Megan Kelso

If the Keebler evles had sex, gave birth, cursed, went skinny-dipping, and killed one another in a decades-long civil war, that might give you a sense of Artichoke Tales (Fantagraphics, $22.99) by Seattle’s own Megan Kelso. It’s a multigenerational family-national saga set in a fairyland whose inhabitants’ heads, instead of hair, have artichoke leaves and a stem. In a sense, the book is like a delicate hand-drawn alternative to Avatar: Here is an exquisite natural world, full of magical herbs and natural wonders, yet it’s also a place where people—elves, hobbits, whatever—fight for scarce resources. There’s a certain Tolkien-meets-Dr. Seuss vibe that makes Artichoke Tales particularly well-suited to younger readers raised to revere the environment but just now discovering sex and violence (i.e., adolescence). Kelso’s work remains on view at Fantagraphics Bookstore and Gallery in Georgetown. BRIAN MILLER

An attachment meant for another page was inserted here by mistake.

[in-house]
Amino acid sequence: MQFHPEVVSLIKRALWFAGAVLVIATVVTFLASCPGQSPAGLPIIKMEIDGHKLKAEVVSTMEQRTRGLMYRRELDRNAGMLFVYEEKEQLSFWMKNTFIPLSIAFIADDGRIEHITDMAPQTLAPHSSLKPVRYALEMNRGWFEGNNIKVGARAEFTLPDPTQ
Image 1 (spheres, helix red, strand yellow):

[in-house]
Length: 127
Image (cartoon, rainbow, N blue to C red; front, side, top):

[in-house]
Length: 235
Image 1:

Thu., July 1, 6 p.m.; Tue., July 20, 7 p.m., 2010

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